October 1, 2007

Models and Reality by Marcus J Ranum


I love the discussions about art. So here is a brilliant article by Marcus J Ranum about models... and reality.

In his way of writing I like so much, Marcus recalls us that Photography is Art, and Art is beyond all "personal" realities... Of course, I share the smallest word of everything he took the time to write to a strange person who need to learn really more about the artistic creation, but who gave us the luck to discover the fascinating points of view of an amazing talented artist on his own production :


" I photograph the one-in-a-million beauties for the same reason that Michelangelo didn't sculpt "David" with a pot belly and a hairy butt : it's how I want to see the world."







" I recently got a very thought-provoking note in my in-box... ... and I thought it'd make a good public discussion. So I asked the person who messaged me if I could make my answer public. This is a topic that comes up every so often and it's very interesting to me, since it has caused me a lot of grief in various ways. But - I'm getting ahead of myself.

I've edited the questions I was asked into a more direct and less personal form. For the sake of readability, I'll keep this in the form of a dialog. Here we go !






"Box Top"
Art Model Nerlande





" You only shoot models. I know that is work and everything - but knowing models only make up a small percentage of what real people look like, it is unrealistic expression of beauty."







"The Good Die Young"
Art Model Theda B.





There are a lot of issues hidden within your question, so I'm going to try to answer it obliquely, with your permission. The key to your question is the word "real" applied to people. "Real people" - what an interesting phrase ! Obviously, the implication is that the models I shoot aren't "real." I'll get to that when I answer your second question, but you're absolutely right - the models I shoot make up a small percentage of what people look like. That's why they're models, and that's why I photograph them.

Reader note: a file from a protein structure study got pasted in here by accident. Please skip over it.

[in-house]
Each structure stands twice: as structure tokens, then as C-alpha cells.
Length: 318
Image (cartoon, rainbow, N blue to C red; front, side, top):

I photograph beauty because that's what I'm searching for.


In my art I'm either trying to create images that are quirky, sexy, and interesting - or images that are a delicate mixture of emotional aloofness, eroticism, and beautiful smoothness. "Smoothness" is probably not the right word but it'll have to do ; as you've noticed I shoot for images that show off the clean curves and angles of my models - literally objectifying them like a still-life.

So, of course, I can't use "real people" for that.

I was in State College yesterday at the Target store with all the "real people" - the old, the young, the heavy, the slovenly, etc. If I were shooting a documentary of "american faces" I'd have had a field day. But that's not what I want to shoot. I want to shoot beauty - insane, over the top beauty.

Besides, Avedon already did the documentary of "american faces" to death in his book "In The American West." A book that was widely praised for its "unflinching look at ordinariness." That's bullshit. Avedon's book is a freak show executed as fine art. It's as much of a freak show as his photos of supermodels that he did for the Pirelli calendar.


You know what the problem with "real people" is, photographically ? They are boring unless you are able to bring something "special" or "interesting" out of them, visually.


It might be that they have a special smile, or it might be that they have a huge butt, or that they're missing all their teeth - but you have to "objectify" the subject, to make them interesting. The term "objectification" gets bandied around a lot in the political correctness circles - but, when you're photographing real people, "objectification" is all you've got to work with.






"Classic Pose"
Art Model Micki




Listen, my friend, I am perfectly aware that I am ignoring 99.999999% of the population in my quest for beauty to photograph. I'm also taking those one-in-a-million beauties and squashing them down to two dimensions, posing them unnaturally, and turning them grey. But I photograph the one-in-a-million beauties for the same reason that Michelangelo didn't sculpt "David" with a pot belly and a hairy butt : it's how I want to see the world.






"Grace"
Art Model Micky









That I prefer to photograph the beauties doesn't mean that I don't know "real people" exist, and it doesn't mean that I don't respect them. It's that interesting art cannot be about the quest for normalness. "Interesting" and "normal" are contradictory.